California officials on Thursday released a five-year “Water Action Plan” intended to avoid a statewide water supply crisis stemming from drought, population growth and climate change.
John Laird, secretary of the state Natural Resources Agency, acknowledged that the plan does not include a lot of new ideas. Rather, the goal is to integrate existing ideas about water supply and conservation and get disparate state agencies working together.
The plan is considered a draft, and is expected to be finalized in December following public comment.
“We have to focus on the whole picture,” Laird said. “What’s new is that it’s never existed in one place as a priority to look at together with everything we want to do in the state.”
As an example of that integration, the plan was unveiled jointly by Laird, state Environmental Protection Agency Secretary Matt Rodriquez and Department of Food and Agriculture Secretary Karen Ross.
“What’s added here is a sense of urgency because we see there’s going to be even greater demand or pressures on our water resources,” Rodriquez said. “What we’re committing to here is a comprehensive or holistic look at water … and making a commitment to work collaboratively.”
The plan warns of an “impending water crisis” in California driven by a drought now in its second year, climate change and a state population expected to reach 50 million by 2049.
Solutions target 10 key actions, from making conservation a “way of life” for California residents to boosting surface and groundwater storage. It also emphasizes methods of making communities less reliant on imported water, as well as improving wildlife habitats to collect and store more stormwater runoff.
The storage question is controversial because most Californians don’t want to see streams dammed. But the state has been working on a number of new reservoir proposals for a decade, and feasibility studies are expected by about the end of this year. One is the proposed Sites Reservoir, an “off-stream” facility that would flood a rural valley with water diverted by a canal from the Sacramento River.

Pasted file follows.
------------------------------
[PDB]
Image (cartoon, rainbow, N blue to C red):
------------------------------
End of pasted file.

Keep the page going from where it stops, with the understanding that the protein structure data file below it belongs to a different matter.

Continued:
Officials said the plan could lead to the state’s first water conservation requirements for agriculture. Farms consume far more water than urban areas in California, but politicians have been unwilling to consider agriculture conservation mandates. This and many other aspects of the plan will require action by the Legislature.
The Bay Delta Conservation Plan is included as one of the action measures. The controversial $25 billion proposal calls for two large water diversion tunnels on the Sacramento River and more than 100,000 acres of habitat conservation.
Jonas Minton, a senior project manager at the nonprofit Planning and Conservation League, said that while the plan contains many “worthwhile” objectives, it says very little about where the money will come from to carry them out. Also, he said, it is missing one thing the Delta really needs.
“The Plan lacks any commitment to provide more water for the Delta,” he said.
Sacramento-area water planners also see holes in the plan. The Bay Delta Conservation Plan makes many assurances that Delta water exporters will have stable water supplies, but area water officials want guarantees this won’t come at their expense.
“We just didn’t see a lot of language in terms of assurances in this statewide plan,” said John Woodling, executive director of the Sacramento Regional Water Authority.